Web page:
HMS Providence (1791)
|Builder:||Perry & Co, Blackwall Yard|
|Launched:||23 April 1791|
|Fate:||Wrecked on 16 May 1797|
|Class and type:||sloop-of-war|
|Tons burthen:||406 tons|
107 ft 10 in (32.87 m) (overall)|
89 ft 6 in (27.28 m) (keel)
|Beam:||29 ft 1 in (8.86 m)|
7 ft 8 in (2.34 m) (standard)|
10 ft (3.0 m) (deep)
|Depth of hold:||12 ft 3 in (3.73 m)|
10-guns: (later 12)
The Providence was purchased on the stocks from Perry & Co, Blackwall Yard in February 1791. She was launched on 23 April 1791 and commissioned under Bligh that month. She was coppered at Woolwich for the sum of £1,267, and then again at Deptford for £3,981.
Rated as a sixth rate, she sailed for the Pacific on 2 August 1791. Bligh completed a mission to collect breadfruit trees and other botanical specimens from the Pacific, which he transported to the West Indies. Specimens were given to the Royal Botanic Gardens in St. Vincent. Providence returned to Britain in February 1794, having been re-rated as a sloop on 30 September 1793. She underwent another refit at Woolwich and was recommissioned in October 1793 under the command of Commander William Robert Broughton. Broughton was ordered to rejoin the Vancouver Expedition and departed Britain on 15 February 1795. Reaching Monterrey long after the expedition made its final departure, Robert decided (correctly) that Vancouver would not have left his surveying task unfinished and departed to chart the coast of east Asia.
In the course of his explorations, he named Caroline Island Carolina (which later became "Caroline") "in compliment to the daughter of Sir Philip Stephens of the Admiralty.". This name superseded that given by Pedro Fernández de Quirós, a Portuguese explorer sailing on behalf of Spain; his account names the island "San Bernardo."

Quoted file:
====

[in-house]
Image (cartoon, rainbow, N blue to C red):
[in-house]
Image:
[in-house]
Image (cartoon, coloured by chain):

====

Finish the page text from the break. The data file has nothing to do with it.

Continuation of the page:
Providence voyaged to Asia as the crew surveyed the coast of Hokkaidō before wintering at Macau. There Broughton purchased a small schooner which proved providential when, on 16 May 1797 Providence was wrecked at Miyako-jima, south of Okinawa. Broughton and his crew continued the mission in the schooner, exploring northeast Asia, and returned home in February 1799.
- Kepler, A.K.; C.B. Kepler (February 1994). "The natural history of the Caroline Atoll, Southern Line Islands". Atoll Research Bulletin 397–398. http://www.botany.hawaii.edu/faculty/duffy/arb/397-398/.
- Colledge, J. J.; Warlow, Ben (2006) . Ships of the Royal Navy: the complete record of all fighting ships of the Royal Navy (Rev. ed.). London: Chatham. ISBN 9781861762818. OCLC 67375475.
- Winfield, Rif, British Warships of the Age of Sail 1714–1792: Design, Construction, Careers and Fates, pub Seaforth, 2007, ISBN 1-86176-295-X